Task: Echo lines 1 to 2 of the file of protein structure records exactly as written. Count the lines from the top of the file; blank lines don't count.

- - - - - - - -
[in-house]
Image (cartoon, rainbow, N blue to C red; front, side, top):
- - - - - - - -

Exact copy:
[in-house]
Image (cartoon, rainbow, N blue to C red; front, side, top):